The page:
Thursday, 25 July 2013

Does Fruit Make You Fat?

Recently someone told me not to eat fruit because fructose (the type of sugar in fruit) turns to fat! This is NOT true. Fruit is not the enemy and fructose, like all other sugars, in moderation will not make you fat. In saying that, excess sugar will cause havoc in the body and everyone should avoid processed food with a high sugar content, especially those which contain high fructose corn syrup (HFCS). In the USA HFCS is in everything because it’s cheap, super sweet and they love the taste. Thankfully, here in Australia HFCS is not added to foods, but check your labels because we do import from the USA. 

What exactly is sugar?

Sugar is the common name for a group of sweet flavoured simple carbohydrates. The simple carbohydrates include monosaccharides and disaccharides. The most common monosaccharides include glucose, fructose and galactose (milk sugar). When two monosaccharides combine they form disaccharides, for example when glucose and fructose join together they form sucrose, better know as table sugar. Lactose is another example of a disaccharide, made up of glucose and galactose. Fructose is the sweetest of the monosaccharides and is primary sugar in honey and fruit. Glucose is mildly sweet and galactose has little sweetness compared to fructose and glucose.

Simple vs complex carbohydrates 

All carbohydrates contain carbon, oxygen and hydrogen (think carbon and water C + H20). Simple carbohydrates are easy for the body to break down as they only contain one or two molecules. Simple carbs provide a quick energy hit and a sudden rise in blood sugar. Complex carbohydrates, such as starch and fibre, are made up of many monosacchraides (usually glucose) linked together and are called oligosaccharides and polysaccharides. Complex carbs can help regulate blood sugar and can help us to feel fuller for longer. Carbohydrates are essential for optimum health and can help minimize risk for disease, for example fibre can protect against bowel cancer and helps to reduce cholesterol levels.

How do we metabolise and store carbs?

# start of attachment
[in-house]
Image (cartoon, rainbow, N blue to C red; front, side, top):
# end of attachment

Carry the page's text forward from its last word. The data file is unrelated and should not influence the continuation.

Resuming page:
Carbohydrates are broken down and stored in the body as glycogen. Glycogen is a polysaccharide. A third of our glycogen stores are found in the liver and the other two thirds are stored in our muscles. The muscles store most of our glycogen so it can be used as fuel during exercise. When our blood sugar is low, hormones send messages to release glycogen, which is rapidly broken down to glucose and then transported in our blood to organs, tissues and cells.

Carbs are essential for our bodies to function effectively. Importantly, glucose is the preferred fuel for our brain, nerves and developing red blood cells. Protein can be converted to glucose if the body is desperate for glucose, but this requires more energy and can cause muscle breakdown. In addition, protein is required for other purposes in the body, so it is essential to consume enough carbs so proteins can perform their required roles. To spare body protein we need at least 50 to 100 grams (bare minimum) per day, this depends on your activity levels, age and gender.

Carbs and weight management

If you think carbs are “fattening” and have been avoiding them because you are trying lose weight, you should consider a different approach. Of course this type of strategy will help those who have a high intake of simple carbs (sugar) such as soft drinks and sweets, but not for those who eat a balanced diet with a variety of carbs such as vegetables, fruits, legumes and whole grains.

Most people should try to consume 45%-65% of your total calories as carbohydrates. Eating whole foods such as fruit provide not only fructose, but also fibre and plenty of other vitamins and minerals. The Australian dietary recommendation’s urge people to select abundantly from carbohydrate rich foods

Finally, if you are not interested in all the sciencey stuff and just want to know if carbs are good or bad the answer is that carbs are good and absolutely essential for our body to function properly. However, remember that not all carbs are created equal, high sugar processed foods, what I like to call fake food, will not provide the benefits of natural carbohydrate rich foods.

Dr Denise Furness, PhD BSc RNut REP
Registered Nutritionist & Personal Trainer with Mill Park Leisure



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